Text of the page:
The ring-inscription is in the Black Speech, a language devised by Sauron and used in his land of Mordor. It is written in tengwar. The inscription embodied the One Ring's power to control the other Rings of Power. The inscription used Elvish letters because the Black Speech did not have its own script. 

This circle inscription design is pretty widespread across the internet: you can even get one for your Macbook. But I first found it on Quenya101. (The entry with the original graphic is here.)

Here is a little bit about how I created this project. I've done a few embroidered bags, many of them beginning with Simplicity 4178. I've modified this pattern extensively for different bags, and for this project I drafted a new shape altogether. If you'd like to create your own embroidered bag, it can be done with just about any bag pattern or tutorial out there, as long as it's got a relatively flat surface...not gathered where your design will be obscured. Just cut a piece of fabric with a lot of extra room, that will allow you to cut out the bag pattern easily once you've finished embroidering.

For a long time, I thought that stitching through tracing paper was only for difficult, high-pile, or heavily textured fabrics like velvet. But it turns out that this method of image transfer makes intricate stitching much quicker.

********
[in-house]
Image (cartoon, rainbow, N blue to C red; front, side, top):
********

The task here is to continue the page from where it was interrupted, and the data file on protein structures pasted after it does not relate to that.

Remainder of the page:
I printed my Elvish circle on regular tracing paper and basted it to a rectangle of black twill, large enough to give some wiggle room when I finally got around to cutting out the pattern pieces:

Once basted in place, I began stitching through both the paper and fabric with a double-strand DMC floss. (Triple strand for the circles.) It went really quickly because I didn't have to keep verifying the design or squinting to see the blue transfer lines!

The only disadvantage to this method is that the tracing paper obscures the stitching you've already done, so that you have to be careful about getting really close backstitches. Also, I wouldn't recommend doing french knots through the paper (come back and do those after the paper is off) because it's hard to get them at the right tension through the paper.

The paper tears away easily; though, you might need to use a pin or tweezers to convince those last few bits to come off:


I hope whoever wins this month's prize over at TABABOM really enjoys this bag, and maybe feels inspired to try some Elvish embroidery of their own!